Tobacco use decreases, but electronic cigarettes represent a growing danger in the Americas, according to the Pan American Health Organization.
LatinAmerican Post | María Fernanda Ramírez Ramos
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Leer en español: En América muere una persona cada 34 segundos por causa del tabaco
The impact of smoking in America is alarming. Figures from the Pan American Health Organization (PAHO) indicate that one million people die each year due to tobacco use in the region. This figure is equivalent to one death every 34 seconds. In this regard, it is estimated that 15% of deaths from cardiovascular diseases, 24% from cancer and 45% from chronic respiratory diseases are attributable to tobacco use. Likewise, it is estimated that around 11% of young people consume tobacco on the continent.
Despite these impressive figures, the fight against tobacco use had advanced in recent decades. However, the increase in novel products and misleading information from the tobacco industry, aimed especially at young people, threatens the gains made in the fight against tobacco and its harmful effects.
Electronic cigarettes are the most common form of electronic nicotine delivery systems, according to the Pan American Health Organization (PAHO). Although they seem like a harmless product and an alternative to cigarettes, their emissions contain nicotine and other toxic substances that are harmful both to users and to those who are exposed to them in the environment. With regard to World No Tobacco Day, PAHO highlights the importance of addressing the growing danger that these products represent for health and emphasizes the need for policies that discourage their consumption, especially among young people.
Which are the countries in America that consume the most tobacco and electronic cigarettes?
The latest report on tobacco in the Region of the Americas (2022) indicates that "the Region of the Americas registered a decrease in the prevalence of current tobacco use, which went from 28% in 2000 to 16.3% in the 2020". This percentage represents the second-lowest prevalence of tobacco use in the world today. However, it also points out that the tobacco industry has redoubled its attempts to interfere with policies that aim to reduce tobacco use. In fact, the report ensures that "tobacco remains the only legal consumer product that kills up to half of those who consume it, following the instructions of the manufacturers."
In 2020, the highest prevalence of current tobacco use in adults was in Chile (29.2%) and the lowest in Panama (5.0%). After Chile were Argentina (24.5%), the United States (23%), Uruguay (21.5%), Cuba (17.9%), Mexico (13.1%), Canada (13%), Brazil (12.8%), Bolivia (12.7%) and Guyana (12.1%). In all countries, there is a tendency for men to smoke more than women. Regarding electronic cigarettes, the United States has the highest prevalence in the region, in the young population, with 19.6% and Brazil has the lowest with 0.2%.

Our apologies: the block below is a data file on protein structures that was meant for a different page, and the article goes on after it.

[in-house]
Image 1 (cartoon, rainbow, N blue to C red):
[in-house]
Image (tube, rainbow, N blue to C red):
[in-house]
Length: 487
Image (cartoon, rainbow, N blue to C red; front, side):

Grow food, not tobacco
Tobacco use has a very harmful impact on health. Smoking is considered a cross-sectional risk factor for six of the eight leading causes of death in the world. In other words, it is one of the biggest concerns for health systems. Likewise, it is a major risk factor for the "four most preventable and prevalent noncommunicable diseases: cardiovascular diseases, diabetes, cancer, and chronic respiratory diseases," according to PAHO.
We recommend you read: World No Tobacco Day: Not Only Does It Damage Your Lungs, But the World
However, tobacco is not only harmful to human health, but also to that of the planet. In this regard, given the food crisis in the world, the focus of World No Tobacco Day in 2023 is "Cultivate food, not tobacco". This is a campaign that aims to call the attention of governments so that they do not subsidize tobacco crops and invest those resources in helping farmers plant sustainable food crops.
In the world, there are around 349 million people who face acute food insecurity, distributed in 79 countries. This is a figure that is causing increasing concern and faced with it, the World No Tobacco Day campaign points out that "many of these people reside in low- and middle-income countries, and more than 30 of those countries are on the continent Another characteristic shared by many of these countries is that they use large tracts of fertile land to grow tobacco, rather than to produce healthy food." For this reason, the fight against smoking has more and more organizations united, which seek to regulate the world market more and put brakes on the million-dollar companies that control the business.